• Globe is true model [Miniature form] of Earth.
• On globe, Countries, Continents, and Oceans are shown in their correct size.
• A needle is fixed through globe in a tilted manner which is known as its axis.
• Two points on globe through which needle passes known as poles are– North Pole and South Pole.
• globe can be moved around needle from west to east just as Earth moves.
• Equator is an imaginary line running through globe which divides it into two equal parts.
• Equator is a very important reference point to locate places on earth.
• Northern half of Earth is called northern hemisphere and Southern half is called Southern Hemisphere.
• Parallels of latitude: All parallel circles from equator to poles are known as parallels of latitudes which are measured in degree.
• Equator is zero degree latitude and 90 degree north latitude marks Northern Pole and 90 degree latitude marks South Pole.
• Northern latitudes: All latitudes north of equator, are indicated by ‘N’.
• Southern Latitudes: All latitudes south of equator are indicated by ‘S’.
Heat Zones on Earth
• Torrid Zone: latitudes between Tropic of Cancer and Tropic of Capricorn where mid sun is exactly overhead at least once a year known as Torrid Zone. Sun is never overhead beyond these areas.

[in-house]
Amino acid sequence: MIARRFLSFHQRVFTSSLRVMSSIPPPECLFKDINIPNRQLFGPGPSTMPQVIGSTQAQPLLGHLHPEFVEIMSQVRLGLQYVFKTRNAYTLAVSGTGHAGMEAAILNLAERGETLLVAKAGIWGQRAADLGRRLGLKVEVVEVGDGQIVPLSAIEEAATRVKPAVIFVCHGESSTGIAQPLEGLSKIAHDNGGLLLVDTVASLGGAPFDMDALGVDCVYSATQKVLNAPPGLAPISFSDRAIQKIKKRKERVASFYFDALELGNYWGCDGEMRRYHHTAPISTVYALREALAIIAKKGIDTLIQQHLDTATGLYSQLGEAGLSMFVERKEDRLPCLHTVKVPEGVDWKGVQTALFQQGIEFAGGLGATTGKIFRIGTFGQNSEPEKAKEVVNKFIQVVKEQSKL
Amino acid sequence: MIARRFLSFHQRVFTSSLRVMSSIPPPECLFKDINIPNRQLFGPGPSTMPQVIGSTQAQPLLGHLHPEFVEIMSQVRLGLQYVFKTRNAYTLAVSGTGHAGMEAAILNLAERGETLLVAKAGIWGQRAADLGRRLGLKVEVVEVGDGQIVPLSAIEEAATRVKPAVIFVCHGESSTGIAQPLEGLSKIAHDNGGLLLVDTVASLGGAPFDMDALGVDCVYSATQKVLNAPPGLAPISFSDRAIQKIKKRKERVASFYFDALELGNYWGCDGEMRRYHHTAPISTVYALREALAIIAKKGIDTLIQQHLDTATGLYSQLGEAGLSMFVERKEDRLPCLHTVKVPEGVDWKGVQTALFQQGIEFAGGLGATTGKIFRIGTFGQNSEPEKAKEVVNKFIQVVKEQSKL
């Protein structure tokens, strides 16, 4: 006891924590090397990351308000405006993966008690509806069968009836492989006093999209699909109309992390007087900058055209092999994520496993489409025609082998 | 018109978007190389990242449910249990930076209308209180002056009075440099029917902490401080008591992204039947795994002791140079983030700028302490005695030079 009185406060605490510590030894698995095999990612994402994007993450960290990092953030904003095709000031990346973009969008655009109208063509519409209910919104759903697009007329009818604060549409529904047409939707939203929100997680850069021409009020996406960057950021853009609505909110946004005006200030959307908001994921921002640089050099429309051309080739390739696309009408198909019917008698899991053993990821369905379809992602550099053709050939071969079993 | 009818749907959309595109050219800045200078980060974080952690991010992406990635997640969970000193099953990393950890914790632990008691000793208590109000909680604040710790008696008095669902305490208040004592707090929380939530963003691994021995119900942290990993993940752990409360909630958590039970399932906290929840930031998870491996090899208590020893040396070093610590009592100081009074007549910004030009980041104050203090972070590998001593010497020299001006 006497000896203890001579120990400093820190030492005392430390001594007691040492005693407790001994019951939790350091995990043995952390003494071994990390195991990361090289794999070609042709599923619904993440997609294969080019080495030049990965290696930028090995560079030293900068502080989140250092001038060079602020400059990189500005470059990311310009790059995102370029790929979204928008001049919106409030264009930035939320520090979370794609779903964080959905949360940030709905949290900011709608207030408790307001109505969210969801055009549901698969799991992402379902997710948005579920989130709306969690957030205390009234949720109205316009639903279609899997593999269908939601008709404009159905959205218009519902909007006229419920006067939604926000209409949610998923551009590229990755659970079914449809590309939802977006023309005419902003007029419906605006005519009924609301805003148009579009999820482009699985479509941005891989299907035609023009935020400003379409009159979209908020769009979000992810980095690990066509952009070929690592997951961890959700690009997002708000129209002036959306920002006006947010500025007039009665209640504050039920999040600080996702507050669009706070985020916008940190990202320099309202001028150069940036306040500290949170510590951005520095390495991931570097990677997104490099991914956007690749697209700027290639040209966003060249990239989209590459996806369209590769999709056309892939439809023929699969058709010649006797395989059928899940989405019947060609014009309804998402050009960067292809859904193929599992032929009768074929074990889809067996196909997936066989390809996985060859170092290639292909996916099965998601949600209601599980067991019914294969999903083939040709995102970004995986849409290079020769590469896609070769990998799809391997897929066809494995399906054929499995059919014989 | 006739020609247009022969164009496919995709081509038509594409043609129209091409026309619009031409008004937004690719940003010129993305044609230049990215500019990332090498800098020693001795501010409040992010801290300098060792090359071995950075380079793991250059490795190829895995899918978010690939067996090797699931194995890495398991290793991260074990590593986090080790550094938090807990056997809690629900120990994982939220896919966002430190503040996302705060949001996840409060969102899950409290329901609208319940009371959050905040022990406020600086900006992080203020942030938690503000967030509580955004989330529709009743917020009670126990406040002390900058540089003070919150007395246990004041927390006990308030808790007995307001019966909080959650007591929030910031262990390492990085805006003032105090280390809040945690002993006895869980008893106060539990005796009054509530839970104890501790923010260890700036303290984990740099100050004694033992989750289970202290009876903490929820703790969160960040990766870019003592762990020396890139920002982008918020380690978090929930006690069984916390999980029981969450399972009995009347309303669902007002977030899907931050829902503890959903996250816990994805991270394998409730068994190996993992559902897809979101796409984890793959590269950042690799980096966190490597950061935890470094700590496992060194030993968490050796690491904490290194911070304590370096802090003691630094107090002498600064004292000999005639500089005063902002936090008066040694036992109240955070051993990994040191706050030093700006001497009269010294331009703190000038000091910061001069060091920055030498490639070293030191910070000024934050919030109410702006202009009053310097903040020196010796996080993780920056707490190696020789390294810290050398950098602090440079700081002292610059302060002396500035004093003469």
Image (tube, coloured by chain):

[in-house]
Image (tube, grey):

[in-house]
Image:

• Temperate Zones: areas bounded by Tropic of Cancer and Arctic Circle in northern hemisphere and Tropic of Capricorn and Antarctic Circle in southern hemisphere where temperature is moderate; is known as Temperate Zones.
• Frigid Zone: areas lying between Arctic Circle and North Pole in northern hemisphere and Antarctic Circle and South Pole in southern hemisphere are known as frigid zone. This is a very cold area.
Some important Latitudes
• Tropic of Cancer: 23 ½° in northern hemisphere.
• Tropics of Capricorn: 23 ½° in southern hemisphere.
• Arctic Circle: at 66 ½° north of equator.
• Antarctic Circle: at 66 ½° south of equator.
• In order to locate correct position of places, we must know how far east or west these places are located from given line of reference line running from North Pole to South Pole. These lines of reference are known as meridians of longitude.
• Each degree is divided into minutes and minutes divided into seconds.
• distance between two longitudes steadily decreases from equator to pole where all meridians meet.
• All meridians have equal length and are counted from Prime meridian which passes through Greenwich where Royal British Observatory is located.
• prime meridian’s value is zero. From Prime Meridian we measure 180 degrees eastward [E] and 180 degrees westward [W].
Longitude and Time
• Those places east of Greenwich will be ahead of Greenwich time and those to west will be behind Greenwich time.
• Earth rotates 360 degree in 24 hours which means 15 degree in an hour or 1 degree in four minutes.
• Standard Time: This is necessary to adopt local time of some central meridian of a country.
• In India, it is 82° ½ E is treated as standard meridian. local time at this meridian is known as Indian standard time [IST]. France, including its overseas territories, has most time zones .